UK Kids are Slowly Leaving Facebook, Says Ofcom Report

By Tom Pritchard on at

There are a lot of reasons why you might want to ditch Facebook. The many data breaches, the fact that it basically tracks everything you do, and the fact Mark Zuckerberg has been talking down to the world insisting we just don't understand what Facebook is all about. None of those reasons really matter to kids, really, but that hasn't stopped the social network's popularity from declining amongst the youth of the UK in 2018.

Ofcom just published its annual report, chronicling what services and devices kids have been using. According to the results 72 per cent of 12-15 year olds are using Facebook regularly, which is down from 74 per cent in 2017.  Not a huge dip from last year, but that figure was 96 per cent back in 2011. Considering that, and the fact only 31 per cent of 12-15 year olds consider Facebook their 'main' social network (down from 40 per cent in 2017), it's clear Facebook isn't very down with the kids. No wonder it's trying to develop a terrible-sounding meme platform to try and win them back.

But it's not all bad for Facebook, since Instagram is on the up with 65 per cent of kids using the service and 23 per cent naming it their main social network. That's up from 47 per cent and 14 per cent, respectively, in 2017. Similarly WhatsApp use rose to 43 per cent (from 32 per cent), despite the fact the service decided to raise the minimum age to 16 in response to GDPR last year. So it's not all bad for Facebook.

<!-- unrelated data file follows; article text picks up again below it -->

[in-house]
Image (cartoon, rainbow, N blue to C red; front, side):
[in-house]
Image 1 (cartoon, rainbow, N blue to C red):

Aside from the fact it still hasn't managed to kill off Snapchat. The app saw some growth among this age group, though only 31 per cent use it as their 'main' social network, which is down from 32 per cent the previous year.

There's a lot more to digest in Ofcom's report, including the fact that 69 per cent of children aged 12-15 have social media accounts. More startlingly 18 per cent of those aged 8-11 have one, despite the 13 year minimum age implemented by almost all of them. 4 per cent of kids aged 4-7 have a profile, alongside one per cent of kids aged 3-4. I assume this last group will be parents doing it for their kids, which is really weird. What does a three year old need Facebook or Twitter for?

You can read the full report here. [BBC News]